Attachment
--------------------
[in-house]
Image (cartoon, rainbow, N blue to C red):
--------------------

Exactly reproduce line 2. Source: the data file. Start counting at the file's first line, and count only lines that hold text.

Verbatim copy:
Image (cartoon, rainbow, N blue to C red):